High-frequency expectations from asset prices using reinforcement learning

Researchers from the University of Chicago propose a novel reinforcement learning approach to extract high-frequency aggregate growth expectations from asset prices. While much expectations-based research in macroeconomics and finance relies on low-frequency surveys, the multitude of events that pass between survey dates renders identification of causal effects on expectations difficult.

Their method allows the construction of a daily time-series of the cross-sectional mean of a panel of GDP growth forecasts. The high-frequency nature of the series enables clean identification in event studies. In particular, they use their estimated daily growth expectations series to test the “Fed information effect” and find little evidence to support its existence.

Also, the method can be used to construct firm-specific cash flow expectations at a daily frequency. Instead of using value-weighted equity and bond returns, the firm’s equity returns and corporate bond returns can be used. They can also use quarterly expectations from analyst forecasts to conduct the same exercise and obtain daily expectations.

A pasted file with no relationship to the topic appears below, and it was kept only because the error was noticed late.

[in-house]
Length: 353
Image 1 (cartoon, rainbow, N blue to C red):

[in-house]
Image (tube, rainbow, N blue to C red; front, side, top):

Testing theories of expectations formation is an application of the framework. For example, testing the hypothesis that agents update their expectations about growth after observing commodity prices. One way to empirically test this hypothesis is to include commodity returns in the state vector and fit the optimal policy for updating growth expectations. The coefficient on commodity returns in the optimal policy reflects if an agent would find it optimal to use commodity returns in updating his expectation of growth.

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